When maintaining a car, spark plugs should be near the top of the list. These small plugs have a big job to do. Having them in working order will save wear and tear on your engine and save you money.
Here we’ll learn the symptoms of failing spark plugs, when to replace them, how to change them, and what can go wrong if you don’t.
How Long Should a Spark Plug Last?
How long your spark plugs last will depend on what they are made of. The higher the spark plug quality, the longer it will last. Double platinum spark plugs claim to last 100,000 miles, while your everyday copper spark plug lasts for 10,000 to 20,000 miles.
Older models using silver spark plugs get about 20,000 miles. More expensive spark plugs made of platinum or iridium last for 60,000 miles, and extended-life spark plugs can last up to 100,000 miles.
The high-end iridium plugs last the longest at over 100,000 miles, with the extended version serving you up to 120,00 miles.
How to Tell if You Need New Spark Plugs: 7 Signs to Look For
1. It’s harder to start the car
Spark plugs ignite the spark that starts the engine. Any damage, corrosion, or old spark plugs will diminish the spark and result in a rough start, a prolonged starting time, or an engine that won’t turn over.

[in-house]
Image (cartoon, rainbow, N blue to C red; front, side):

Colder weather can make this even harder. Your repeat attempts to start the car could damage the starter, drain the battery and even damage the engine.
2. Misfiring engine
A sure sign the plugs are bad is engine misfire. A sputtering noise, a jerky feeling, and power loss to the engine will confirm this. Poor gas mileage, poor car performance, the engine idling roughly, higher emissions than usual, and catalytic convertor damage can result from not fixing the cause of the misfiring.
3. Poor gas economy
When the gap in the spark plugs isn‘t perfect, the insufficient sparks will increase the gas emissions and eat up gas. If your gas mileage isn’t what it used to be, the spark plugs could be the problem.
4. Decrease in acceleration
Shoddy spark plugs can cause slower acceleration as you step on the gas pedal.
While the cause of this can also be a bad fuel pump, clogged fuel injectors, and defective sensors, the spark plugs are easy and inexpensive to check.
So, have them looked at as soon as possible.
5. Check engine light is on
The check engine light comes on when something is wrong, don’t ignore it. Find out what is wrong before the problem gets more expensive. More times than not, the cause is carbon build-up created by bad spark plugs.
6. Car idles roughly
Another sign of faulty spark plugs is knocking, rattling, and pinging with unusual vibrations. If any of these start happening, you need to get the spark plugs checked.
7. Manufacturer recommendations
The owner’s manual is the best place to get information about your spark plugs and your car’s requirements. Here, you can find the type of plugs your car needs, the recommended gap, and when to change them.
When do spark plugs need replacing?
Most spark plugs need changing at 60,000 to 100,00 miles. The type of spark plugs you buy, how well you maintain the car, and how hard you are on the engine will all affect the life of the spark plugs.